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Why are some Mac apps crossed out?



Dashed Mac application icons

If you see application icons on your Mac with a crossed symbol on top of them, it means that macOS cannot run the program. Although there may be several reasons, it is most likely that you have recently upgraded macOS and it no longer supports 32-bit applications. Here̵

7;s why – and what you can do about it.

First: The other reasons why an app will not run

Basically, an crossed-out application icon means that something is preventing macOS from running the program. There can be several reasons for this, including that the app package is damaged or invalid, that the app was written for another architecture (for example, a PowerPC app on an Intel Mac), or that the app is unreliable and has not yet been allowed to run .

In these cases, it is best to make sure that you are running the latest version of the app (check the developer’s website for updates), and you may want to try reinstalling the app from a clean source if it was damaged. But these are generally rare cases.

The latest issue: Apple stopped supporting 32-bit Mac software

As of macOS 10.15 Catalina (released October 2019), macOS no longer supports running 32-bit apps. If you have a 32-bit application on your Mac in Catalina or later, you’ll see a crossed-out icon above its icon in the Finder, Launchpad, and Dock.

An example of 32-bit Mac apps that are crossed in Launchpad on macOS.

If you try to run one of these crossover apps, you will see a message warning you that it needs updating.

A 32-bit app alert in macOS 10.15 Catalina

But why? And what does “32-bit application” mean anyway?

It is difficult to summarize the meaning of the terms “32-bit app” or “64-bit app” without writing a technical research paper, but if you boil it down, both terms refer to how much memory (RAM) and computing power an application can use. A 64-bit application can use dramatically more memory (so that larger files can be loaded) and theoretically perform much more complex tasks than a 32-bit program.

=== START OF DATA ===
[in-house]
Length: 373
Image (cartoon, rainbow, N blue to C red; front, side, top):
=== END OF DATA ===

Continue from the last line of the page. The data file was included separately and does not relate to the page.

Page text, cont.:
Because Macs have supported 64-bit applications for over a decade, Apple believes that 32-bit applications are older software that should be upgraded to take full advantage of the latest computer hardware. In Catalina, Apple decided to force the issue by not allowing 32-bit software altogether.

Will I ever be able to use my crossover Mac apps again?

Because Apple wants to drive technology forward, it’s unlikely that you’ll ever be able to run 32-bit Mac software on newer versions of macOS again. So if you are facing crossover apps, here are some strategies for dealing with it.

  • Check for a 64-bit app update: If you have a favorite 32-bit app that no longer works, visit the developer’s website to see if a 64-bit version of the app is available. Alternatively, you can search for a newer version in the Mac App Store.
  • Find and alternative application: If a 32-bit app has not been updated by the developer, you can try to find a newer app that does the same thing. A good place to start is the Mac App Store.
  • Use an older Mac: If you have an extra older Mac still running a version of macOS before Catalina, you can use that machine to run older 32-bit apps and never update macOS, but this comes with some security risks. At some point, security issues will no longer be corrected in older apps or operating systems, making the machine a mature target for malware in the future.
  • Run an older version of macOS on a virtual machine: Thanks to virtualization software, such as Parallels Lite, it is possible to run an older version of macOS practically inside the latest version of macOS. That way, you can use your older 32-bit apps well into the future – as long as you have a virtual machine that supports them.
  • Downgrade to macOS 10.14 Mojave: As a last resort, it is possible to reinstall an earlier version of macOS like Mojave, the latest version that supported 32-bit apps, if you completely trust your 32-bit apps to get the job done and have no one else Mac. . However, it is a risky process, so back up your Mac first.

Still, it is best to update or move on

Just as we have already said goodbye to 16-bit applications a long time ago, finally, time is marching on and leaving some technologies. This is actually good, because newer apps can take advantage of more powerful computers and better development techniques. You should also constantly update your software whenever possible for security reasons. Good luck!




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